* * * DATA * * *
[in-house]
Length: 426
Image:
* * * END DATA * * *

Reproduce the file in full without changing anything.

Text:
[in-house]
Length: 426
Image: